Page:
Let’s finish this look at songs that have blue in the title with this one. And many would agree that there isn’t a better way to finish. For those lucky enough to grow up in West London in the 60s, you would have seen some great bands.
The Who, Led Zeppelin, The Yardbirds, Jimi Hendrix, Small Faces, John Mayall, and the rest. You could see them all by popping down the road to some dark and dingy venue.
Perhaps some readers will not agree, but in 1970, The Who were the greatest rock band the world had ever seen. Today it is no different. Even the giants of rock, like Led Zeppelin, have never been able to produce live shows like them.
A Jazz Song?
It was first recorded in 1957 by jazz pianist Mose Allison. On hearing this live version, he said, “This was it. This is a Command Performance of this song”.
It had been in The Who’s stage set since about 1965. And it was included in their iconic and mind-numbing album 1970 Live At Leeds.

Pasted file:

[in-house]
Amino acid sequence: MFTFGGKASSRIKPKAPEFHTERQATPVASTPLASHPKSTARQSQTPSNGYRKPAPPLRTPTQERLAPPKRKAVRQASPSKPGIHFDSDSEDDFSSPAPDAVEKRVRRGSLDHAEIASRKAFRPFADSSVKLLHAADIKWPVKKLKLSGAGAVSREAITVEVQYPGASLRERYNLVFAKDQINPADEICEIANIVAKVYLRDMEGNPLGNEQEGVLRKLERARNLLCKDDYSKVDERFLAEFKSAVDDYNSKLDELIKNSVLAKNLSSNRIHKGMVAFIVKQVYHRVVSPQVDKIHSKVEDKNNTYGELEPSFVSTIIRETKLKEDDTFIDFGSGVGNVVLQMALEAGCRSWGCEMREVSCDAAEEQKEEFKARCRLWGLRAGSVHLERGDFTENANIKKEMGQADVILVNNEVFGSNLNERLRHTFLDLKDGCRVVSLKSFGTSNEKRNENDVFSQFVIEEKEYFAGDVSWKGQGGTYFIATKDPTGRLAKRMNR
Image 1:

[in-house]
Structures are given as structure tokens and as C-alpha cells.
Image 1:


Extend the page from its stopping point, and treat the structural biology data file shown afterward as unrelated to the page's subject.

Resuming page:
Performing with power…
In terms of a live rock band, this is about as good as it gets. Power is not so much about volume; it is adrenaline-fueled power. Anyone can turn the dial on the amp up to 10. But, producing a performance like this is more than just about the volume.
Okay, let’s move on from songs with ‘blues’ in the title to the singular version. Let’s take in a couple of country tracks to let you get your breath back.
Don’t It Make My Brown Eyes Blue by Crystal Gayle
When this song came out in 1977, Crystal Gayle was unknown in the UK and Europe. She only had a following in country music circles in America. So one could hardly call her an international singing star. This song from her fourth album, We Must Believe In Magic, changed all that.